Kent and the Underground Railroad

Becky Adams

Former tavern was a friendly stop on the journey towards freedom

This rocking chair, dating back to the 1820s, belonged to Joshua Woodard and is now on display at the Kent Historical Society Museum. The quilt, from the same era, was used to inform runaway slaves of local allied support.

Credit: Ben Breier

It was dangerous to stop now.

They’d succeeded in remaining hidden all day and night had finally come. They needed to cover as many miles as they could to Cleveland before daybreak.

But the stabbing pains in their stomachs would not allow them to go on. They would stop at the tavern, eat and leave.

In 1825, knocking on doors was always a serious venture, even with many “friends” in the area.

They had come so far. It could all end now; the door was opening.

With bated breath, this group of fugitive slaves from Georgia introduced themselves to Joshua Woodard, owner of Woodard’s Tavern, which stood on the corner of Fairchild and Mantua streets in Franklin Mills, Ohio, now called Kent.

Woodard’s eyes scanned the dark, uneasy faces looking back at him: two men and their wives accompanied by another woman and her small child. Woodard gave them more than they’d bargained for: food, warm beds for the night and an escort to Cleveland in the morning.

Woodard’s family was well-known and respected in town. Since moving to Franklin Mills with his wife, Rebecca, he had become one of its primary social and industrial leaders.

Kent, a city today accustomed to hearing the roar of passing locomotives, was home to another sort of railroad beginning as early as 1825, the year Woodard sheltered six slaves.

Guy Pernetti, Kent Historical Society executive director, said it’s believed that more than half of all escaped slaves came through Ohio on the journey north toward freedom.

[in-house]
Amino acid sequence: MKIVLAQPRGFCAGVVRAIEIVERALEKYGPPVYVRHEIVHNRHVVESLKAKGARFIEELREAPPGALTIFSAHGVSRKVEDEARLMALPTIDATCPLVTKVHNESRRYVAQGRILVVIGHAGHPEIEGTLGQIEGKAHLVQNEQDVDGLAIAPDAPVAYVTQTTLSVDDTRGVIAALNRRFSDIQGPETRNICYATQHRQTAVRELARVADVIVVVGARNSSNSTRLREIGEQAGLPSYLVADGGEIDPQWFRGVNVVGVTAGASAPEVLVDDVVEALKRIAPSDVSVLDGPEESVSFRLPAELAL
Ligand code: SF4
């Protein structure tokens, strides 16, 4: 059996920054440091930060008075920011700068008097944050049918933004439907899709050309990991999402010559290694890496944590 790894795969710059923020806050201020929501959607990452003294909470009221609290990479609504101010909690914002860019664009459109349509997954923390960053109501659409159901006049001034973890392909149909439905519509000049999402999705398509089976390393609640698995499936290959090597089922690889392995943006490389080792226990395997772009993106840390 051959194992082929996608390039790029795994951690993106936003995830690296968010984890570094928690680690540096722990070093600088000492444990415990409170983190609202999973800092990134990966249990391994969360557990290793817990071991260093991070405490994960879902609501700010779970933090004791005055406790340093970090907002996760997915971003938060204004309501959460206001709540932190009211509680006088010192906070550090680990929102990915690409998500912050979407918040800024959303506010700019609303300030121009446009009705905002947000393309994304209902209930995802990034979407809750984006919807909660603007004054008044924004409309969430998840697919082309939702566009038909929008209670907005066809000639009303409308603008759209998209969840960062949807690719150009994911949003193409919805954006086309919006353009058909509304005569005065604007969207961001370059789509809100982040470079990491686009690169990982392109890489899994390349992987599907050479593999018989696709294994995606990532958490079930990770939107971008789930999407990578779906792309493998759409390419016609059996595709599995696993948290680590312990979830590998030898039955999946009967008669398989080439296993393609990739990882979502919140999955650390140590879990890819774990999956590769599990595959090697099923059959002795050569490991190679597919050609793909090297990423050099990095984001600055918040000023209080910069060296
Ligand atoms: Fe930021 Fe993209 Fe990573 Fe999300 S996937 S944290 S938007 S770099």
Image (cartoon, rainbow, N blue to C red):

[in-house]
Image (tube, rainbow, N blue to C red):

Though difficult to determine an exact number, the Society identifies at least five other Underground Railroad sites in Kent apart from the Woodard residence: the Cuyahoga House (where Digger’s Restaurant now stands on the northwest corner of Mantua and Cuyahoga streets); the Thomas Earl House (current site of Central School on Mantua Street); the former site of the Isaac Russell House (southwest corner of Lake and Willow streets); the John Perkins House (southeast corner of Haymaker Parkway and Longmere Street); and the Old Union Church (northeast corner of Water Street and Crain Avenue).

Jacqueline F. Rowser, associate professor in the department of Pan-African studies at Kent State and director for the Institute for African American Affairs, has devoted a significant portion of her time to being a student and teacher of the Underground Railroad, including a class she’ll be teaching this spring at Kent State.

Rowser said Ohio supposedly had more entry routes into the state than any other, making traffic significantly high.

“I think it’s critical to recognize how significant Ohio was to that whole process,” Rowser said. “First and foremost because of its location and the fact that it bordered several slave states. The (Ohio) river itself was the difference between freedom and imprisonment.”

About 180 years ago, the Woodard’s surprise guests had followed “the drinking gourd” – a code referring to the Big Dipper – across the Ohio River, past the bounty hunters, coming ever closer to their final destination: Canada, the country that had already ruled against slavery.